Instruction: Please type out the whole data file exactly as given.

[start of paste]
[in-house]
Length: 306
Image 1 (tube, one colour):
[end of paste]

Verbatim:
[in-house]
Length: 306
Image 1 (tube, one colour):